Rogers 'a lot further along' after retooling slider
JUPITER, Fla. -- Marlins left-hander Trevor Rogers might have been last year's National League Rookie of the Year runner-up, but he's certainly not resting on his laurels.
Rogers knew that if he wanted to take his game to another level, he would have to improve his slider. Predominately a fastball/changeup pitcher, Rogers turned to his slider 14.8 percent of the time in 2021, allowing a .273 average and an expected slugging percentage of .452 in 44 at-bats. Though his third offering was improving, it wasn't where he needed it to be.
Rogers spent the past month and a half playing around with the new grip, but he finally had a chance to test it out on Sunday afternoon against Triple-A Nationals hitters on a back field at the Roger Dean Chevrolet Stadium complex. Across two innings, he threw the slider seven times. The pitch showed nice sweeping action late, with good pace and break. Overall, Rogers allowed a solo homer and struck out two looking. Of his 30 pitches, 19 were for strikes. His fastball velocity ranged from 94-96 mph.
"Just listening to him talk with [pitching coach Mel Stottlemyre Jr.], I felt a little antsy in the first, but you guys heard me talking enough about these first outings -- get them out there, get them in against somebody else, start to get the process," manager Don Mattingly said. "Trev's a lot further along than in the past. He's got a purpose. What he's wanting to do with his slider right now, what he's trying to do with his fastball right now, knowing that all these pieces are going to start fitting together."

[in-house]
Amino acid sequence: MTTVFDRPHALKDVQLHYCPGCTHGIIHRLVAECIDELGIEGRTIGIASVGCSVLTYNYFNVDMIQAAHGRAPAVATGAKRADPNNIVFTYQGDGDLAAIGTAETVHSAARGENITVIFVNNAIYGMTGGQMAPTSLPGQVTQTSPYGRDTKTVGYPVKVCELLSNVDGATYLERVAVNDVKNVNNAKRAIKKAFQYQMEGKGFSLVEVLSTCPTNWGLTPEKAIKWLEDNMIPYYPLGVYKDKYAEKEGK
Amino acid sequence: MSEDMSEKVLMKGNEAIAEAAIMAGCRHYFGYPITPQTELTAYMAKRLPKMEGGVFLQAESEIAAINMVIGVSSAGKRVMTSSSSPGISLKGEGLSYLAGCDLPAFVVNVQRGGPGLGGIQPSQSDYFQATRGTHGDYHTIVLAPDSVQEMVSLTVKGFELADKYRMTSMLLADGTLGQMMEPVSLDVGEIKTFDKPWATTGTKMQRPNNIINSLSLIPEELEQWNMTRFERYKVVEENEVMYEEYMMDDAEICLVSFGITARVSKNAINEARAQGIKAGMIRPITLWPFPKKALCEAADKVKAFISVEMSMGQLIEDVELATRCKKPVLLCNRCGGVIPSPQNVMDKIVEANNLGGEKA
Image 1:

A year ago, Rogers was vying for a spot in the rotation after experiencing mixed results (6.11 ERA, 12.5 K/9) upon his MLB debut in 2020. By season's end, he paced all NL rookie pitchers in categories like ERA, innings and strikeouts.
Unfortunately, due to the way the Grapefruit League schedule lines up, Rogers' day to pitch comes on the club's off-day. So Rogers will continue to fine-tune his slider on the back fields. It's a step up from throwing every day with his old high school catcher in Carlsbad, N.M., or off the fence of his backyard.
"I try to approach it the same that I still have a spot to earn on this team," Rogers said. "If I don't look at it that way, I think complacency leaks in. This organization's too loaded with arms for me to get complacent. So I've got to come out and dominate and compete every day to make sure that spot's mine. I know there's a lot of guys behind me hungry to be in the big leagues where I am. I'm just trying to make sure that spot's mine and keep it that way."